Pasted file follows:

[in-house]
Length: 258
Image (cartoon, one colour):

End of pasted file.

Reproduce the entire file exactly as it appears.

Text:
[in-house]
Length: 258
Image (cartoon, one colour):